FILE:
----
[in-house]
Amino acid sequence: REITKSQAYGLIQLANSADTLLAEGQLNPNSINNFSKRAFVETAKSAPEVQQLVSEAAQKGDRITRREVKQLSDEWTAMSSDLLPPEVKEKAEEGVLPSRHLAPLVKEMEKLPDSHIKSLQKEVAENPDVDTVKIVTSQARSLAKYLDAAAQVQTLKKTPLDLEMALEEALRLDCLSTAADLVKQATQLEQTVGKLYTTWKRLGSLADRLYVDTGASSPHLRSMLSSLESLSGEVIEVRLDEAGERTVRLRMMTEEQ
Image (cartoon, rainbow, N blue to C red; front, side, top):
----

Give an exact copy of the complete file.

[in-house]
Amino acid sequence: REITKSQAYGLIQLANSADTLLAEGQLNPNSINNFSKRAFVETAKSAPEVQQLVSEAAQKGDRITRREVKQLSDEWTAMSSDLLPPEVKEKAEEGVLPSRHLAPLVKEMEKLPDSHIKSLQKEVAENPDVDTVKIVTSQARSLAKYLDAAAQVQTLKKTPLDLEMALEEALRLDCLSTAADLVKQATQLEQTVGKLYTTWKRLGSLADRLYVDTGASSPHLRSMLSSLESLSGEVIEVRLDEAGERTVRLRMMTEEQ
Image (cartoon, rainbow, N blue to C red; front, side, top):